To figure out how much you need to allocate toward a balance to pay it down within a card’s promotional period, divide the balance you’ll transfer by the number of months in the introductory period. You also want to add any fees into this calculation.

For example, to pay down a $5,000 balance with an 18-month balance transfer card with a 3% balance transfer fee, you’d need to pay just over $286 each month to pay it off before it begins to accrue interest. 

Though a balance transfer helped us successfully reach our goal, I strongly caution anyone considering this option to weigh the pros and cons first to make sure you don’t end up in a worse financial situation than when you started. 

Here are some of the benefits and drawbacks we experienced or considered before using a balance transfer.

Pros

  • Save money: If your interest charges are making it impossible to get on top of your debt, a balance transfer card can offer a moratorium on interest, saving you money in the long run.

  • Momentum: You can pay off debt faster because your entire payment will be applied to the credit card balance during the introductory period, rather than dealing with interest charges. This can motivate you to keep going.

  • Less stress: Being able to reduce our credit card debt faster alleviated some of our financial stress, which made other money decisions easier to tackle.

  • Laser focus: Directing most of my energy toward one bill helped me stay organized as we worked through our substantial amount of debt.

  • Built-in motivation: The intro APR expiration date helped me stay focused and motivated because I wanted to pay off as much of the balance as I could before the standard APR kicked in.

Cons

  • Risk of adding more debt: Consolidating credit card debt without addressing overspending is risky. In fact, 57% of people who consolidate credit card balances return to the same level of debt within 18 months, according to a TransUnion survey. We closed the cards we paid off to guard against adding new debt.

  • Credit score impact: In the short term, closing credit card accounts or opening new credit cards can negatively impact your credit score. But over time, your credit score will benefit from paying down your card balances.

  • Potential for high ongoing APRs: Paying off more than $26,000 in credit card debt with a payment of $500 to $1,000 per month took multiple years. If you can’t repay the entire balance before the intro APR period expires, then the standard APR kicks in.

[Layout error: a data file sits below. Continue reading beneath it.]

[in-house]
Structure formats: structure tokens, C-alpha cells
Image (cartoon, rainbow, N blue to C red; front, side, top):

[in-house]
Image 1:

• Fees: Each time we used a balance transfer to pay off a credit card, we had to determine if paying an additional fee was worth it.

My debt-free journey wasn’t perfect

Our journey out of debt was full of trial and error. I applied for the first balance transfer card nearly two years into our debt payoff journey. The first one, a Discover card, offered a 0% introductory APR for 13 months. 

We paid off the Discover balance two months after the 0% introductory rate ended, incurring a small amount of interest at the standard APR. Since our balance was significantly smaller after the introductory period ended, the extra two months of interest didn’t end up hurting us. 

We also used two Chase balance transfer cards to move a credit card balance of $6,400 and a home equity line of credit balance of $13,600 to two separate Chase cards, both with a 0% introductory rate. Between a growing debt snowball payment, pay increases and tax refunds, we were able to pay off our entire $26,500 in credit card debt within two years.

My advice for anyone tackling a large debt

Paying off debt can be a marathon for some, myself included. I read plenty of strategies from financial experts and regular people who had accomplished the same goal I was chasing. Through trial and error, we landed on a mix of approaches that helped us stay focused on our long-term goal.

Using a balance transfer offer with a 0% introductory APR has risks that shouldn’t be taken lightly. You could end up with more debt than you started with if you don’t seriously commit to living within your means and controlling your spending. However, it can be an excellent tool to help you accelerate your debt repayment process.

I wasn’t able to completely avoid interest and ended up paying three separate balance transfer fees for my debt. But I didn’t give up even when things didn’t go perfectly. And I learned how to budget and worked toward big money goals — a lesson that’s continued to help my family as we turn toward investment and savings goals.

As you strengthen your habit of working from a budget and figure out which debt repayment process works best, let your interim wins motivate you to remain focused on your goals until you’re officially debt-free. You’ve got this.

The editorial content on this page is based solely on objective, independent assessments by our writers and is not influenced by advertising or partnerships. It has not been provided or commissioned by any third party. However, we may receive compensation when you click on links to products or services offered by our partners.